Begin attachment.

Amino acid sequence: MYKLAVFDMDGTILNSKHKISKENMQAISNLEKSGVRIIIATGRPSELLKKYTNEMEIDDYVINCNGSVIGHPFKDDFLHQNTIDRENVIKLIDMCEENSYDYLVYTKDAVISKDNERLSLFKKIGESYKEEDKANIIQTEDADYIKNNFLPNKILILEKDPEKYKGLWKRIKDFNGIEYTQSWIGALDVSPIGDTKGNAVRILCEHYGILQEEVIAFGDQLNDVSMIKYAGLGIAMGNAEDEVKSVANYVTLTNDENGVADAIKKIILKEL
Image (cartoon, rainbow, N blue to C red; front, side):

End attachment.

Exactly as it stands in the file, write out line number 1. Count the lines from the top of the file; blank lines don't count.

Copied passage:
Amino acid sequence: MYKLAVFDMDGTILNSKHKISKENMQAISNLEKSGVRIIIATGRPSELLKKYTNEMEIDDYVINCNGSVIGHPFKDDFLHQNTIDRENVIKLIDMCEENSYDYLVYTKDAVISKDNERLSLFKKIGESYKEEDKANIIQTEDADYIKNNFLPNKILILEKDPEKYKGLWKRIKDFNGIEYTQSWIGALDVSPIGDTKGNAVRILCEHYGILQEEVIAFGDQLNDVSMIKYAGLGIAMGNAEDEVKSVANYVTLTNDENGVADAIKKIILKEL